Introducing the winner of our first Employee of the Quarter awards! Fishers’ first hotly contested employee of the quarter awards has a winner. Chasing off stiff competition from several of our outstanding staff we are delighted to announce that Karen...
Debt Recovery - a Benefit or a Burden
With the operation of modern business accepting that a great deal of customers satisfy invoices after the standard 30 day deadline it is not surprising that bad payers become bad debts very quickly. The problem most businesses face is how to ensure that a customer pays their bill without alienating the customer or incurring large debt recovery costs which may not be recovered. Over my years in legal practice I have come to the view that the best debt recovery system is based on compliance rather than force.
Compliance as with any other area of your business starts from within the organisation. I would strongly suggest that any business have sales agreements which set out how and when payment ought to be made and what the consequences are for non-payment. With some business the sales agreements will be highly detailed or bespoke agreements which will need legal advice however for the vast majority of businesses generic and template sales agreements are more than adequate to cover the needs of the business.
Such sales agreements are relatively easy to come across and are cost effective however even companies that have such agreements pay very little attention to the payment terms and whether they reflect the operation of the industry they are in. I have come across a number of businesses which in order to reduce bad debts from occurring and to maintain a better cash flow insisted that all invoices are paid either immediately or within 14 days. The problem is that the accounts department did not encourage payment by the deadline and customers therefore were not abiding by them. As such the debt recovery system became disjointed and rather than ensure better cash flow and less bad debts they found their problems were even worst.
This problem could have been overcome by giving a more reasonable time to pay the invoice and sticking to that time frame. A more sensible way forward would have been to assess on the basis of your cash flow how long you can give customers time to pay. When you decide on a suitable date, don’t let the date pass without some action. For instance you could write or talk to your customer 7 days prior to the deadline reminding them of their need to pay.
Interest can be applied to the debt
If after the 7 days still no payment has been made you can apply interest under the Late Payment of Commercial Debts (Interest) Act 1998. If the customer has failed to pay the debt after the agreed payment date and the contract was made after the 16th of March 2013 interest of 8% over the BOE rate can be applied after the payment date and not 30 days after the invoice was issued.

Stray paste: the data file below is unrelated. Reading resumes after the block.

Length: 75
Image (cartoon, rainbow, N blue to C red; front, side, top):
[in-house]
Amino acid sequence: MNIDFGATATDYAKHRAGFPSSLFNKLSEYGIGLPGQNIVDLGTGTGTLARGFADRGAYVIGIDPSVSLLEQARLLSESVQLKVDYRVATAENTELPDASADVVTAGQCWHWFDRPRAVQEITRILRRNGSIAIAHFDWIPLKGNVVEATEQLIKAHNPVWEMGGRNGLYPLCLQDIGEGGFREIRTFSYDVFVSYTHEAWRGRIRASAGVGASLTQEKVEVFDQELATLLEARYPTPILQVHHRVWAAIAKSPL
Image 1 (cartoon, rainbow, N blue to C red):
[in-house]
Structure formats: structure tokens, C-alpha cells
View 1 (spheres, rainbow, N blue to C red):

You should contact your new debtor highlighting this fact and the entitlement to apply a fixed rate of interest over and above the simple interest that is now gathering. In order to be supportive and incentivise your customer you could allow the customer to pay within a set date without the interest being applied.
If the customer does not pay in accordance with your second letter you will have very little option but to set a deadline of when enforcement action will be taken. It should note that a business could set out this timeframe within the sales agreement so that their customer fully understands what is going to happen.
This system will not ensure that a company will have no bad debts however if employed and dates are adhered to customers are less likely to put you at the bottom of the list for payment. There will however be occasions where customers for whatever reason fail to pay. In these situations the business is faced with incurring more costs trying to recover unpaid invoices or to write the debt off completely. A great deal of debt is written off by businesses on the basis that they believe they are throwing good money after bad.
Customers can be charged the cost of recovering a debt
As with your payment terms your sales agreement could easily include a clause which requires the customers to pay for the recovery of the debt. This is not an extreme clause as commercial contracts since 16th of March 2014 have an implied term that the business can recover reasonable costs associated with the recovery of the debt. According to the Late Payment Directive reasonable costs can include “instructing a lawyer or employing a debt collection agency”.
This implied term or an express term in your sales agreement can allow your business to consider enforcement action or court action in small claim cases where before the vast majority of the legal fees incurred would not be recovered.
The implementation of a debt recovery system from the very beginning which is fair, reasonable and firm is an essential benefit to any business and even in cases where the customer refuses to pay the perceived burden and risk of additional costs can be reduced considerably ensuring that bad debt is kept to an absolute minimum.
Fishers Solicitors offers a wide range of cost effective debt recovery support whether seeking payment from a debtor or providing internal solutions for your business.